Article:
On the beach in Southern California, it's easy to look at the Pacific Ocean and wonder what would happen if we could drink it. It's already happening in some places, and others from Arizona to the California coast want to expand desalination. If big cities there use more of the ocean and less of the Colorado River, would that leave more water for the southwest? Part 4 of a 10-part series. For more CPR News coverage of the Colorado River, visited cpr.org/parched. Host: Michael Elizabeth Sakas Written by Michael Elizabeth Sakas and Joe Wertz Editors: Rachel Estabrook, Erin Jones Production and Mixing: Rebekah Romberg Additional Production: Emily Williams Theme song by Kibwe Cooper. Additional music via Universal Production Music. Artwork: Maria Juliana Pinzón Executive Producers: Kevin Dale, Brad Turner Additional Editorial Support: Alison Borden, Kibwe Cooper, Jo Erickson, Luis Antonio Perez, Taylar Dawn Stagner, Andrew Villegas, Emily Williams Thanks also to Sarah Bures, Hart Van Denburg, Jodi Gersh, Kim Nguyen, Clara Shelton, Arielle Wilson. Parched is a production of the Climate Solutions team of CPR News and Colorado Public Radio’s Audio Innovations Studio — part of the NPR Network.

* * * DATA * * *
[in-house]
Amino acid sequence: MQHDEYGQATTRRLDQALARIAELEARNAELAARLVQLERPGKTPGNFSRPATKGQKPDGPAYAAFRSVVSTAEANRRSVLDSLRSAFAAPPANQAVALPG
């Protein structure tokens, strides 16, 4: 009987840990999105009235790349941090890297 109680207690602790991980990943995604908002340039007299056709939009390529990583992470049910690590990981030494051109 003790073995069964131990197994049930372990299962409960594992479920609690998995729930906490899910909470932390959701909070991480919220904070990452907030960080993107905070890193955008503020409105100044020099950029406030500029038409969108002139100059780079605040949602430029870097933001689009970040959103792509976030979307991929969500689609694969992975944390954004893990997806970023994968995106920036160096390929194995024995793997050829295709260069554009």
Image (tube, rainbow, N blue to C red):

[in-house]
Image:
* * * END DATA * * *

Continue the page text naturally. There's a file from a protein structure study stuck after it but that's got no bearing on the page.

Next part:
Viva Las Vegas

Viva Las Vegas

2023-05-1636:56

Most people in the West live in cities, and cities can do a lot to change how they use water. We head deep into the glittery, neon heart of Las Vegas. There, under the Bellagio Fountain, we learn that this city of excess is a world leader in water conservation. What is Vegas doing, and how might people who live in other Colorado River cities follow its lead? Part 5 of a 10-part series. For more CPR News coverage of the Colorado River, visited cpr.org/parched. Host: Michael Elizabeth Sakas Written by Michael Elizabeth Sakas Editors: Erin Jones, Joe Wertz Production and Mixing: Emily Williams Additional Production and Editing: Rachel Estabrook Theme song by Kibwe Cooper. Additional music via Universal Production Music. Artwork: Maria Juliana Pinzón Executive Producers: Kevin Dale, Brad Turner Additional Editorial Support: Alison Borden, Kibwe Cooper, Jo Erickson, Luis Antonio Perez, Andrew Villegas Thanks also to Sarah Bures, Hart Van Denburg, Jodi Gersh, Kim Nguyen, Clara Shelton, Arielle Wilson. Parched is a production of the Climate Solutions team of CPR News and Colorado Public Radio’s Audio Innovations Studio — part of the NPR Network.